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Jewish Museum (Bucharest)

Jewish Museum (Bucharest)

The Jewish Museum in Bucharest, Romania is located in the former Templul Unirea Sfântă (United Holy Temple) synagogue, which survived both World War II and Nicolae Ceauşescu unscathed.

The name has several variants, including Museum of the History of the Romanian Jewish Community. In Romanian it is variously called Muzeul de Istorie al Comunitatilor Evreieşti din România, Muzeul de Istorie a Comunitaţii Evreieşti Bucureşti, etc.

The museum gives broad coverage of the history of the Jews in Romania. Displays include an enormous collection of books written, published, illustrated, or translated by Romanian Jews; a serious archive of the history of Romanian Jewry; a collection of paintings of and by Romanian Jews that, while relatively small, consists of works of a calibre worthy of a major art museum (many of the same artists' works hang in the National Museum of Art); memorabilia from Jewish theaters including the State Jewish Theater; a medium-sized display devoted to Zionism; a small but pointed display of anti-Semitic posters and tracts; two rooms off to a side, one dealing with the Holocaust era from a historical point of view, the other a Holocaust memorial; discussion of both favorable and unfavorable treatment of the Jews by various of Romania's historic rulers; in short, a museum devoted to looking seriously at the history of a particular ethnic group within a society. In contrast to its Hungarian equivalent in Budapest, this is not a museum that sees the exodus of the majority of the country's surviving Jews to Israel as a culmination: this museum is focused more on what that means for those who have stayed, what is the continuing contribution of Jews to Romanian culture, what has been, what is, and what will be the role of Jews in Romania.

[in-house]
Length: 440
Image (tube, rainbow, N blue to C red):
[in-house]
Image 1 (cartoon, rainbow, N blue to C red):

The Museum also contains a large collection of Jewish ritual objects from Romania, collected by Rabbi Moses Rosen (1912–1994), the late Chief Rabbi of the Romanian Jewry.

Security at the museum is relatively high, in no small part because of a December 2000 incident where two anti-Semitic men vandalized the museum and demanded to see the "human soap".

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